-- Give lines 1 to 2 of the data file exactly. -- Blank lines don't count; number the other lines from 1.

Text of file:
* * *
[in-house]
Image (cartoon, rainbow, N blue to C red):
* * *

[in-house]
Image (cartoon, rainbow, N blue to C red):